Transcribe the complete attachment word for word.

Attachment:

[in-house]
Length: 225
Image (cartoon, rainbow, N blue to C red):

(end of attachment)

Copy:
[in-house]
Length: 225
Image (cartoon, rainbow, N blue to C red):